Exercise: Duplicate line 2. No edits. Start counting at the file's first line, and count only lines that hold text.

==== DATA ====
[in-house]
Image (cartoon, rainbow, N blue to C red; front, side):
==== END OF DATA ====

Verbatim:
Image (cartoon, rainbow, N blue to C red; front, side):